The research by Schulz (2006) on mouse curve biometrics, the feature extraction of the raw data started with the authors broke them into mouse curves. The group was based on each mouse movement time stamps and the X and Y velocities were converted to coordinate data to construct proximate mouse curve coordinates. Weiss et al. (2007) and Ajufor et al. (2008), explained in feature extraction module, the raw data was applied with calculation to come out with features attributes of mouse curves and mouse clicks. Each attribute was connected to the following features; size of curve, length of a mouse curve, total time of the mouse curve, mouse speed over a pre-defined action, angle of mouse movement, acceleration and mouse click duration. To create a profile for the mouse user, the attributes were further analysing to find the mean, average and standard deviation. According to Gamboa and Jain (2007), the raw data that the authors gathered was extracted to get the appropriate features. The authors cleansed the data using a cubic spline that remove any abnormalities. Then the authors extorted spatial and temporal information which was the input vector and at the end to extract the salient features, the authors apply statistical approaches.

The raw data from Kaminsky et al. (2008) research; the mouse move, left and right drag and left and right click, a set of features were extracted by using MATLAB. The features were, the mean of path length, click length and velocity, the standard deviation of path length and velocity, the number of clicks per minutes and also the percentage of each clicks. Those features would later on being use to classify the users. According to Aksari and Artuner (2009), after the raw data were acquired, a set of features were obtained. The features vectors were speed, deviation from a straight line, angle and positive acceleration using statistical method. To be able to differentiate each user, the authors further analyse the features vectors by calculating the average, standard deviation, maximum and minimum of them (path features) and normalized them so that better comparison could be done. Bours and Fullu (2009) research on login method using mouse dynamic also did feature extraction on the author's raw data. The X and Y position values (raw data) were categorized into two transition vector; horizontal and vertical tracks. These data would be normalized later to be used in classifier module.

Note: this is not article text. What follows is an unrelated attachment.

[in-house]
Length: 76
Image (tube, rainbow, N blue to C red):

In the Feature Extraction Module, the raw data is converted into feature vectors that can be used to distinguish each user behaviours through their mouse movements. The feature vectors then will be used in Classifier Module. The purpose of Classifier Module is generally to identify or to authenticate each user. Specifically the Classifier Module is developed to normalize and classify the feature vectors so that each person or user will has their own patterns. After that, in this module the researchers can make a comparison of the legality of each feature vectors that have been extracted and then verify them with the data in the database that will be applied either to accept or to reject the identity that the user claim to be. There are many methods can be applied to this module with each method has their own strength and weakness. The methods are Neural Network, Decision Tree, k-Nearest Neighbour and many more.

In classifier module, Hayashi et al. (1997) were using comparing and verifying method. Whenever an input data was presented, it would be compared with database using certain procedures. At the end, Match-rate is calculated, and the authors concluded that if a user got the match-rate that higher than the data in database, he or she would be identified as an authorized user. Everitt and McOwan (2003) research on authentication of a user using signatures that written by a mouse; performed three neural networks to execute user verification in Classifier Module. Those three neural networks held different information and were trained using back-propagation algorithm. The first network used hold and latency times to test typing style, the second network employed angle meanwhile the third network used distance information to test the input signature. To be able for a user to authenticate himself, his input data must pass all three tests. Pusara and Brodley (2004) adopted different Classifier Module than other research. The authors first built a standard model that the authors defined as normal behaviour by using a supervised learning algorithm[1]. They concluded that there was existed a distinct model of normal behaviour for each user. After a standard model was developed, the authors implemented Decision Tree method in Classifier Module. This method was applied to a windowed dataset, and each point in the dataset was estimated and if the data point was not constant with the current user, it would produce an alarm. Hashia et al. (2005) did the classifier by comparing the current user value of the counter to the user's counter value that the authors kept during the registration[2] phase. The user was authenticated if the current counter value was laid within the user's range.